The Michael Vick dogfighting debacle hasn't just destroyed the reputation of the once-promising quarterback—it's also stained the Atlanta Falcons, the NFL, and any athlete who attempts to defend the indefensible. Really, I can think of only a single entity that's enhanced its reputation thanks to the dogfighting mess: ProFootballTalk.com. The shoestring football blog, founded and maintained almost entirely by a West Virginia lawyer named Mike Florio, has been around since 2001. In the last year, however, it's gone from relatively obscure to indispensable. The site's Rumor Mill, a tasty mix of insider whispers, reasoned speculation, and compelling outrage, has become the first stop for obsessive fans and league insiders who can't live without up-to-the-second NFL news.
The Vick imbroglio is the perfect story for Pro Football Talk, combining an oft-troubled target, complicated legal matters, and a scandal the mainstream media was slow to comprehend. While ESPN has done a solid job covering the case of late, the Worldwide Leader was slow to catch on at the outset. From beginning to end, PFT's reporting on Vick has been the finest, most thorough coverage online or off. (You can read everything that Pro Football Talk has written about Vick here). It has also been snarky, freewheeling, and salacious—writing that's characteristic of a site that revels in reporting what mainstream media outlets cannot, or will not, touch.
Florio immediately sensed disaster when the story first broke in late April:
Most of the "real" media is chasing this latest story with the same zeal that was displayed after Vick was sued for giving a former girlfriend herpes and after a water bottle with a hidden compartment that smelled not of water was found in his possession in a Miami airport. But there are indications that this one could be (key words: "could be") a doozy.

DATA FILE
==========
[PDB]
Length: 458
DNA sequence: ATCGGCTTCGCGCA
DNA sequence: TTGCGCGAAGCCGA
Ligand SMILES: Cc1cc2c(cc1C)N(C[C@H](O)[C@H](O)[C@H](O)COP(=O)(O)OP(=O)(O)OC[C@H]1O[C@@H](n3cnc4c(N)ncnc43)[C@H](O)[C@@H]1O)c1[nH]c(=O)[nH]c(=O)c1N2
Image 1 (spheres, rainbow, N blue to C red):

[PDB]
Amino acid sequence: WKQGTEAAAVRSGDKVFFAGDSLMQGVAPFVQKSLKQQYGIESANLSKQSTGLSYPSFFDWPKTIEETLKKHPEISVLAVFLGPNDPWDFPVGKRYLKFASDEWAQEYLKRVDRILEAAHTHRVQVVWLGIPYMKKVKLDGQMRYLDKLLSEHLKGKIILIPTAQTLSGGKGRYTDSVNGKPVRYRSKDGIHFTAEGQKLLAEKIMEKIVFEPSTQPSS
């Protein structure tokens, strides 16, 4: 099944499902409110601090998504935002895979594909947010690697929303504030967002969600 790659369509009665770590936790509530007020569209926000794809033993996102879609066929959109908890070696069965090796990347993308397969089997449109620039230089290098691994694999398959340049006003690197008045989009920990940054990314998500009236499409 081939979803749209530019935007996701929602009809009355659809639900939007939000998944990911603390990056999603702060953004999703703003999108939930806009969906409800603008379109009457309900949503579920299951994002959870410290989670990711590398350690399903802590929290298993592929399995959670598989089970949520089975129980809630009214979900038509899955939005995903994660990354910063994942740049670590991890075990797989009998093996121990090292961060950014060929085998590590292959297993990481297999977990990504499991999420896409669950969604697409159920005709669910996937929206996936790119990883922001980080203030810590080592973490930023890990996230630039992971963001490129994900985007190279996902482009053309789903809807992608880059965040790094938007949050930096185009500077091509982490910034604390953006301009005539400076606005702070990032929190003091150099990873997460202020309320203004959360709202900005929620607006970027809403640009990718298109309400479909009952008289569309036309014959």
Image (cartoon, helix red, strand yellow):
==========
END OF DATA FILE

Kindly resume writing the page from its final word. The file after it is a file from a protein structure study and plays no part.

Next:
Vick immediately claimed that he never visited the property where investigators had discovered evidence of a dogfighting ring. That didn't get past Florio's bullshit detector:
So if Vick is telling the truth, his family members have—without his knowledge—converted Vick's pride-and-joy breeding operation into an exercise in cruelty. … Please.
The "I don't know nothing" defense won't fly here, in our view. Even if there is no direct evidence of Vick's knowledge or involvement in dog fighting, plenty of men and women have been convicted of crimes via the introduction of circumstantial evidence and the application of basic common sense.
As Jackie Chiles might say, "You get me one dog lover on that jury, and Mike is going away for a long, long time."